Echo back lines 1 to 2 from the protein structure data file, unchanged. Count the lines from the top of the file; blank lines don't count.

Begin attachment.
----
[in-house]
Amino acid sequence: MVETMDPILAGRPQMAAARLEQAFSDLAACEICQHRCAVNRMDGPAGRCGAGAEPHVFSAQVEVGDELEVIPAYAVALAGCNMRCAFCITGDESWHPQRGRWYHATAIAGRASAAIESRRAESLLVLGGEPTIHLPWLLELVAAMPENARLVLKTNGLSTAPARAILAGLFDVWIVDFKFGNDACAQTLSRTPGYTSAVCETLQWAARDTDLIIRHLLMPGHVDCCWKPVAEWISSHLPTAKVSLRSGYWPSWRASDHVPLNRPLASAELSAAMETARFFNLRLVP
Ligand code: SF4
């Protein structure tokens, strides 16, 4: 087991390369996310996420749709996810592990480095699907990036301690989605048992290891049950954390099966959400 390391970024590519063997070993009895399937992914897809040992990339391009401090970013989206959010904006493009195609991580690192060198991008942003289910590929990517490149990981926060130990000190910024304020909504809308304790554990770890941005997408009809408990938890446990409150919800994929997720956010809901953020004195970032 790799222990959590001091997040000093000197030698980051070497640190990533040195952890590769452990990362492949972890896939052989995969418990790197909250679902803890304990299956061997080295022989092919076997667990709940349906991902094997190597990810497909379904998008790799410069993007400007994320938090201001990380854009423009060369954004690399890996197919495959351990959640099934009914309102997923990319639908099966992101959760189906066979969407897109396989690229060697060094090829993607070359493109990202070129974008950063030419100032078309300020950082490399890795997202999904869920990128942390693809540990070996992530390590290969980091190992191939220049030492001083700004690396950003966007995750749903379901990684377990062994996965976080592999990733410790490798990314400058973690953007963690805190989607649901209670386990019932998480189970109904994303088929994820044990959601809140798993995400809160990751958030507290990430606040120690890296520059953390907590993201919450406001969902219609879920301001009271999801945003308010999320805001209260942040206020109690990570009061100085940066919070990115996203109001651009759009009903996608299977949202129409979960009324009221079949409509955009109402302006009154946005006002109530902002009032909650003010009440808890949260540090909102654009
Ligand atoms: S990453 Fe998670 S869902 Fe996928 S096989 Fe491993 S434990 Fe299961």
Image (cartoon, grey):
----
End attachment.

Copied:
[in-house]
Amino acid sequence: MVETMDPILAGRPQMAAARLEQAFSDLAACEICQHRCAVNRMDGPAGRCGAGAEPHVFSAQVEVGDELEVIPAYAVALAGCNMRCAFCITGDESWHPQRGRWYHATAIAGRASAAIESRRAESLLVLGGEPTIHLPWLLELVAAMPENARLVLKTNGLSTAPARAILAGLFDVWIVDFKFGNDACAQTLSRTPGYTSAVCETLQWAARDTDLIIRHLLMPGHVDCCWKPVAEWISSHLPTAKVSLRSGYWPSWRASDHVPLNRPLASAELSAAMETARFFNLRLVP